A study published in Global Change Biology claims that the quality of fresh water is beginning to diminish in lower elevation forests, and that climate change is to blame.
The director of the Institute for the Environment, and distinguished professor of geography at the University of North Carolina at Chapel Hill, Lawrence E. Band, states that the lower elevated watersheds are becoming greatly stressed due to the recent frequency of droughts in those areas. “If we become more dependent on upper elevation catchments for our water supplies,” Band warns, “they become much more valuable.”
This study has been carried out by researchers from UNC, the University of Minnesota, the University of Georgia, and the U.S. Forest Service. The research is being conducted in the Southern Appalachian Mountains near the border of North Carolina and Georgia. Through studying the leaf-fall data of the low elevation areas and researching the diverse ecosystem of the area, these researchers have concluded that droughts brought on through drastic climate change is vastly affecting the availability of high-quality fresh water.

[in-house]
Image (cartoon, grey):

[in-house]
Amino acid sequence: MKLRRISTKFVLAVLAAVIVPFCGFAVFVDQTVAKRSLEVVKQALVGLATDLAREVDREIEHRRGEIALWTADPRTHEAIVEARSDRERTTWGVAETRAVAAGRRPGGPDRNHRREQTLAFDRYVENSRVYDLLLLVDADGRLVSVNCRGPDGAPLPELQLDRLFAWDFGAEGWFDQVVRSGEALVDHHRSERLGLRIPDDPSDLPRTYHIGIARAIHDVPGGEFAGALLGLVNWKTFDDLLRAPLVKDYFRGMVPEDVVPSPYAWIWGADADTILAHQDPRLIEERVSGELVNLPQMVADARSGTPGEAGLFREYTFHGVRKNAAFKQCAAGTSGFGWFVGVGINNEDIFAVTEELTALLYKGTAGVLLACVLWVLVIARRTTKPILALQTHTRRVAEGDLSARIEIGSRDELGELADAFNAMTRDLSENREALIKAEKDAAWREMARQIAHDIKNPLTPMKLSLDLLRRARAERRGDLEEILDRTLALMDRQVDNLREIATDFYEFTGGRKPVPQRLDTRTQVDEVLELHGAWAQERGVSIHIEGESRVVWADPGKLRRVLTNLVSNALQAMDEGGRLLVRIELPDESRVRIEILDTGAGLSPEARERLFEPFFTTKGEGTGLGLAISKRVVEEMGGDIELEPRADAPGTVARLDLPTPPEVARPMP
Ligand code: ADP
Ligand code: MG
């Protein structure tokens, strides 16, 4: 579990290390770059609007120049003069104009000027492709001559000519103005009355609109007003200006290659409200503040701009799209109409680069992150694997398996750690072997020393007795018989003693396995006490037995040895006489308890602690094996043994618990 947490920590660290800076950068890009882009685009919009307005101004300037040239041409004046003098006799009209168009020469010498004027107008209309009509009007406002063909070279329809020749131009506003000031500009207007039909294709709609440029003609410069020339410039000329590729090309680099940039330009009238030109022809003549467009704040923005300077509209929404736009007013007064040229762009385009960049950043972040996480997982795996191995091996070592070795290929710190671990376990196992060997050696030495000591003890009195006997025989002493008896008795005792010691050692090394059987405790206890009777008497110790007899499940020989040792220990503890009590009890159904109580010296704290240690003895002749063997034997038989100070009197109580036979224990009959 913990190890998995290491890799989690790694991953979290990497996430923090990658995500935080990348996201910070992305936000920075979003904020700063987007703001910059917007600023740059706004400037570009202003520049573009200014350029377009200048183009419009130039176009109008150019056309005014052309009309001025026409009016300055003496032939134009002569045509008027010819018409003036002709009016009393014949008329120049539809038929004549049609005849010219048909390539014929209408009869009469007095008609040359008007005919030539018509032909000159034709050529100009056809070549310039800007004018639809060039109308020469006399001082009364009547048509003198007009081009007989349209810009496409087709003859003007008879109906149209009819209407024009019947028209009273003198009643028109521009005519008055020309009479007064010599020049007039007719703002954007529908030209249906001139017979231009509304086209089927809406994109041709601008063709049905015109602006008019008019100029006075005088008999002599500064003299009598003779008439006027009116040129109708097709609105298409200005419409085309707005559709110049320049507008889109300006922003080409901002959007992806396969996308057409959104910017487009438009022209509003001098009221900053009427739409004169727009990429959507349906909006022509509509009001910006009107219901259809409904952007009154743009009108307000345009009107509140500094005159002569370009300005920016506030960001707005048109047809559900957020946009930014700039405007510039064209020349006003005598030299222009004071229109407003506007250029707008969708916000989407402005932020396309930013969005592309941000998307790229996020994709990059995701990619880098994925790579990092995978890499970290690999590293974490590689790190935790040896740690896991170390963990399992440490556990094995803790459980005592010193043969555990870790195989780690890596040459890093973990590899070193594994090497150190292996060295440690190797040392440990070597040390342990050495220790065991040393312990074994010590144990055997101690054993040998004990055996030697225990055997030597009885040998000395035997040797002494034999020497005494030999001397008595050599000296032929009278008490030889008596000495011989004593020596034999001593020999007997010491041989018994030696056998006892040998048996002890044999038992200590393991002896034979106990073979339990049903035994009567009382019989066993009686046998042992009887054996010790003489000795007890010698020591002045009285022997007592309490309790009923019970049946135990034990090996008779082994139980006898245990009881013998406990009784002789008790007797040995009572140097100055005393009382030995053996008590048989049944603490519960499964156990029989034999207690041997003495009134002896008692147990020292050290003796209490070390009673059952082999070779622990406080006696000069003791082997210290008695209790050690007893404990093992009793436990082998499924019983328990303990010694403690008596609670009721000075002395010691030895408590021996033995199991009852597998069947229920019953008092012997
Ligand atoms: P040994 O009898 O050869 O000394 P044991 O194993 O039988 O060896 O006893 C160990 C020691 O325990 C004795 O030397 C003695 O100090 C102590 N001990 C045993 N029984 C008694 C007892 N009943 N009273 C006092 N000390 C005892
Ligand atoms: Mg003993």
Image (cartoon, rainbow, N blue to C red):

Chelcy Miniat of the US Forest Service and member of the research team states, “Water quality and quantity are two ecosystem services that are derived from forests. It is important to understand what affects these services, especially in the face of climate change and increasing U.S. population.”